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Monday, October 17, 2016

Obsessions: Reading and Books

When I saw this, I felt proud of myself for prioritising reading in my daily list of recovery activities: "Can Reading Make You Happier?" The answer was quite encouraging overall.

"Since the discovery of... neurons that fire in our brains both when we perform an action ourselves and when we see an action performed by someone else... A 2011 study published in the Annual Review of Psychology, based on analysis of fMRI brain scans... when people read about an experience, they display stimulation within the same neurological regions as when they go through that experience themselves. We draw on the same brain networks when we’re reading stories and when we’re trying to guess at another person’s feelings.

"Other studies published in 2006 and 2009 showed something similar—that people who read a lot of fiction tend to be better at empathizing with others... And, in 2013, an influential study published in Science found that reading literary fiction (rather than popular fiction or literary nonfiction) improved participants’ results on tests that measured social perception and empathy, which are crucial to “theory of mind”: the ability to guess with accuracy what another human being might be thinking or feeling, a skill humans only start to develop around the age of four."

So it seems that reading books, specifically literary fiction, helps us in our social intelligence. Good information, though I was digging for mental health benefits instead of empathy towards others.

But wait, there's more!

"Reading has been shown to put our brains into a pleasurable trance-like state, similar to meditation, and it brings the same health benefits of deep relaxation and inner calm. Regular readers sleep better, have lower stress levels, higher self-esteem, and lower rates of depression than non-readers."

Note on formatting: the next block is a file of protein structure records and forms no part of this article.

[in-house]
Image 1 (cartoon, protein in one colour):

Ah there we go. Although I sometimes stay up too late reading and it eats into my mandatory no-stimuli pre-sleep routine (for fibromyalgia symptom-prevention).

This information did nothing to alleviate my recent book-hunger. I keep on stumbling upon books that I have to have, to read. And I already have a book backlog (thankfully small for now) waiting for me.

But I earn no income from reading, or from the writing that results from the reading. Even if books help me recover, recovery doesn't pay for books either.

For now I make lists of books I would like to read, and window shop online, carrying a basket of books slowly growing, but not quite making it to the cashier yet.

The feeling of staring at the cart and yet unable to checkout really makes my heart yearn for them all the way from here in Singapore. (They are at Amazon.)

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